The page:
Rest assured, when a plaintiff's lawyer describes their litigation as "complex," it's generally a signal for defendants to hold on to their wallets.
Call it an adjective of acceleration. The more difficult lawyers promise it is for we mere mortals to understand their causes of action, the more hours of toiling they can feign and the more they can ask for in court-ordered legal fees when it counts.
To be sure, for their inventor-protagonists, so-called "complex" lawsuits-- alleging various consumer fraud, corporate negligence and other depredation-- offer the fattest pot of gold at the end of the rainbow. So color us skeptical that Chief Judge Ann Callis can find the collective will to temper her court's most epic crusades with mandatory mediation.
After implementing such a requirement for medical malpractice suits, she's created an exploratory panel of judges to study expansion of the concept to big dollar cases. We wish Judge Callis good luck. She'll need it.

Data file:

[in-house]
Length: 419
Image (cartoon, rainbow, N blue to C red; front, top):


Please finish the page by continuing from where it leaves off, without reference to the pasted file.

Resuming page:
The rub is that mediation requires both parties in a conflict have an actual interest in finding that satisfactory middle ground.
In medical malpractice lawsuits, "good faith" is generally the norm. But "complex" complaints---- a career smoker buys light cigarettes she thought were healthy, a man fears his oven will tip over and crush him, woman expects a dollar back in cash, not on her gift card-- evoke something of a tangential motivation.
To speedy resolution, that is. That's because most of them center around artificial "problems" that were never actually meant to be solved.
Rather, they were intended as a lever to gin up monstrous legal fees for their creator. And resolution without the obscene plaintiff's lawyer payday, while seemingly sensible, is plainly a conclusion that's unwelcome.
That doesn't mean mandatory mediation of class action and consumer fraud cases isn't worth trying. If anything, her push will flush out the true motives of those representing the dregs of our legal community. But it won't come without a fight. Common sense never does.